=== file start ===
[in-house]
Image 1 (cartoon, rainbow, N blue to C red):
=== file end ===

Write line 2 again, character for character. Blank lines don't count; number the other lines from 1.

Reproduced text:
Image 1 (cartoon, rainbow, N blue to C red):